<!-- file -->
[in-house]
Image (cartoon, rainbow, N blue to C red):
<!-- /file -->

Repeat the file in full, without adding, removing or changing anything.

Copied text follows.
[in-house]
Image (cartoon, rainbow, N blue to C red):